CDC Extends Eviction Moratorium, Treasury Updates ERA FAQs
Despite a slow start, the rate of ERA spending is increasing.
On June 25, the Biden administration announced that it will extend through July 31 the federal eviction moratorium issued by the Centers for Disease Control and Prevention (CDC). Extending the eviction moratorium until the end of July gives state and local governments more time to distribute more than $46 billion in emergency rental assistance (ERA) to those most in need.
Thus far, data from the Treasury Department is showing that emergency rental assistance spending has been slow but accelerating. Only $1.5 billion of the $25 billion allocated in the December 2020 Consolidated Appropriations Act had been paid out through May 31. The Treasury data show that between January and March 2021, 627,767 applications were submitted to ERA programs, but only 14 percent of those households were served during the same period. States, whose allocations account for approximately $18 billion of the $25 billion, showed particularly slow progress, spending 4 percent of available funds as of May 31.
Despite the slow spending, the data shows some positive trends. The overall rate of spending appears to be increasing. Together, the programs spent 1 percent of the $25 billion between January and March, 2 percent of that total in April, and 3 percent of the total in May. The trend indicates that program spending may further increase as programs ramp up infrastructure and staffing and make modifications to increase program efficiency.
The Biden administration is making a concerted government-wide effort to stem evictions and ensure ERA is provided efficiently, effectively, and equitably to keep families safely housed and bolster the administration’s efforts to contain COVID-19. The Treasury Department has released an updated Frequently Asked Questions (FAQs) for the ERA program and fact sheet. Here are the highlights of the new Treasury guidance.
Partnerships with Courts
To prevent evictions for nonpayment of rent, the new guidance strongly encourages grantees to partner with courts to actively prevent evictions and develop eviction diversion programs. The FAQs state grantees should consider:
- Providing information to judges, magistrates, court clerks, and other relevant court officials about the availability of assistance under ERA programs and housing stability services;
- Working with eviction courts to provide information about assistance under ERA programs to tenants and landlords as early in the adjudication process as possible; and
- Engaging providers of legal services and other housing stability services to assist households against which an eviction action for nonpayment of rent has been filed.
Access to ERA for the Homeless
The Treasury Department updated its FAQs to clarify how ERA assistance may be used to support an eligible household moving to a new home. Before moving into a new residence, a tenant may not yet have a rental obligation, as required by the statutes.
In these cases, Treasury encourages grantees to provide otherwise eligible households with an official document specifying the amount of financial assistance under ERA programs that the grantee will pay a landlord on behalf of the household (such as for a security deposit or rent) if the landlord and the household enter into a qualifying lease of at least six months. Such documentation may expire after a certain period, such as 60 to 120 days after the issuance date. Treasury encourages grantees to work with providers of housing stability services to help these households identify housing that meets their needs.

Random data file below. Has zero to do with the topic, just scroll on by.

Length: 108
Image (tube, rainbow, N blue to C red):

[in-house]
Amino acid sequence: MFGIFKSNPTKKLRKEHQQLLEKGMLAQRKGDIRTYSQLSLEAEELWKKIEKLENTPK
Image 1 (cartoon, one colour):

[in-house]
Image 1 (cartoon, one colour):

Equal Access for All Households
To promote greater access to assistance for all eligible households, the FAQ says grantees should address barriers that potentially eligible households may experience in accessing ERA programs. This includes providing program documents in multiple languages and conducting targeted outreach to populations with disproportionately high levels of unemployment or housing instability or that are low income. Grantees should also provide, either directly or through partner organizations, culturally and linguistically relevant outreach and housing stability services to ensure access to assistance for all eligible households.
Grantee Coordination to Reduce Delays
The Treasury Department encourages grantees providing services with overlapping or neighboring areas to collaborate to develop consistent or complementary ERA program policies. This will avoid unnecessary confusion among tenants and landlords regarding assistance. Treasury also encourages grantees to reduce burdens for entities seeking assistance from multiple grantees across different jurisdictions, including utility providers and landlords with properties in multiple jurisdictions.
Streamlined Payments to Utilities and Landlords
The FAQs say grantees may obtain information in bulk from utility providers and landlords with multiple units regarding the eligibility of multiple tenants and make bundled assistance payments for the benefit of multiple tenants in a single payment to a utility provider or landlord.
The FAQ say grantees may establish prudent information-sharing arrangements with utility providers and landlords for determining household eligibility. Grantees may also establish reasonable procedures for combining the assistance provided for multiple households into a single “bulk” payment made to a utility or landlord. Grantees should ensure that any such arrangements comply with applicable privacy requirements; include appropriate safeguards to ensure payments are made only for eligible households; and are documented in records satisfying the grantee’s reporting requirements, including, for example, the amount of assistance paid for each household.